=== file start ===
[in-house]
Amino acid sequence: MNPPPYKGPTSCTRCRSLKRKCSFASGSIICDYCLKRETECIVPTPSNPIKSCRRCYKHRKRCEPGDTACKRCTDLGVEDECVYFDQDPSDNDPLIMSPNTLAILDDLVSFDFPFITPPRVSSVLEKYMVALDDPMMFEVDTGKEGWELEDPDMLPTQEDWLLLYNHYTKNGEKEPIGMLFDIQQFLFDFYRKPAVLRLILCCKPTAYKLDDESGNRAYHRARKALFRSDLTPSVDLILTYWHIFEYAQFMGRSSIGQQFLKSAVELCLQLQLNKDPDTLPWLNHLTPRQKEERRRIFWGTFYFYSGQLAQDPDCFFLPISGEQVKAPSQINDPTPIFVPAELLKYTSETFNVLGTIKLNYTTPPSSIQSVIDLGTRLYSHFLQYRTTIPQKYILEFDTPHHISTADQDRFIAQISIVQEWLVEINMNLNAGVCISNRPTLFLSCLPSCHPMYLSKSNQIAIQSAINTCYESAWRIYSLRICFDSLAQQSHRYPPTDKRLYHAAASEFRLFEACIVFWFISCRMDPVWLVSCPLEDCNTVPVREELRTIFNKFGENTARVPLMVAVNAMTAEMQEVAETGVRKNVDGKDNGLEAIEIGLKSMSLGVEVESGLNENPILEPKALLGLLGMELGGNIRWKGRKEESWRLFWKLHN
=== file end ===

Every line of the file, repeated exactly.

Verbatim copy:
[in-house]
Amino acid sequence: MNPPPYKGPTSCTRCRSLKRKCSFASGSIICDYCLKRETECIVPTPSNPIKSCRRCYKHRKRCEPGDTACKRCTDLGVEDECVYFDQDPSDNDPLIMSPNTLAILDDLVSFDFPFITPPRVSSVLEKYMVALDDPMMFEVDTGKEGWELEDPDMLPTQEDWLLLYNHYTKNGEKEPIGMLFDIQQFLFDFYRKPAVLRLILCCKPTAYKLDDESGNRAYHRARKALFRSDLTPSVDLILTYWHIFEYAQFMGRSSIGQQFLKSAVELCLQLQLNKDPDTLPWLNHLTPRQKEERRRIFWGTFYFYSGQLAQDPDCFFLPISGEQVKAPSQINDPTPIFVPAELLKYTSETFNVLGTIKLNYTTPPSSIQSVIDLGTRLYSHFLQYRTTIPQKYILEFDTPHHISTADQDRFIAQISIVQEWLVEINMNLNAGVCISNRPTLFLSCLPSCHPMYLSKSNQIAIQSAINTCYESAWRIYSLRICFDSLAQQSHRYPPTDKRLYHAAASEFRLFEACIVFWFISCRMDPVWLVSCPLEDCNTVPVREELRTIFNKFGENTARVPLMVAVNAMTAEMQEVAETGVRKNVDGKDNGLEAIEIGLKSMSLGVEVESGLNENPILEPKALLGLLGMELGGNIRWKGRKEESWRLFWKLHN